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If you are Good Enough you are old Enough to play for India

India have a rich history of producing the best cricketers the world has seen. Many of these players have gone on to top the record charts after enjoying glittering carers that have, in some cases, started before they have finished school. Why then have the Indian selectors been so eager to let their young stars grace the world stage when they probably still haven’t stopped growing? The norm in other cricketing nations is to ease their players into competitive international cricket as they are left to cut their teeth at domestic level before making the step up. India differ and for good reason.

The population of India is 1.3 billion. Making the grade at international sport is incredibly hard (in any country) given the competition a player must overcome to get to the top. The journey from school cricket to international has many hurdles with hundreds of thousands of people trying to compete for a limited number of spots. In India, it is more a case of hundreds of millions of people vying for a few spots. When a younger player sticks out of the masses competing there is good reason to believe they are more than just a bit special.

Sachin Tendulkar

Sachin Tendulkar

Of the 12 ICC members in world cricket, all of their national populations put together don’t come anywhere near the population of India. Collectively the 12 members have 600 odd million people living in their countries as opposed to India’s 1.3 billion. The rest of the world don’t have as much faith that their younger players are ready for the challenges of international cricket and Australia’s selection policy will prove it.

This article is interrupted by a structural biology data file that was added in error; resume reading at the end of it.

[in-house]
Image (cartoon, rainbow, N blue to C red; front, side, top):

Pat Cummins has been the youngest Australian player in 58 years to play when he was given his debut aged 18 against South Africa in 2011; before that, one had to go back to 1953 when Ian Craig was given his debut against South Africa in Melbourne at the age of 17. The young Cummins hasn’t had the opportunity to learn his trade at International level like his Indian counterparts have and, instead, has had to toil on the domestic circuit. At 24, he has received his break and is now part of the ongoing Ashes duel after eyeing up his home debut for so long; he has now been able to achieve that, and it’s part of the reason Australia are so well backed with odds of 3/25 to regain the Ashes when you bet online.

It is sightly different in India when a younger player comes on the scene. When Sachin Tendulkar emerged, the selectors had no doubt he was good enough to play for India and gave him his debut aged 16 against Pakistan. Kapil Dev was 19 when he made his first run out on the world stage against Pakistan in 1978. Anil Kumble was 19 when he sent down his first bit of legbreak in Manchester against England. The list goes on and, in most cases, the Indian selectors were right to back these young stars.

Handing an Indian player his debut at a young age isn’t so much a show of faith but a recognition of achievement. In the eyes of the Indian selectors, it is completely justified as these young players have overcome much greater odds than those of other competing nations.

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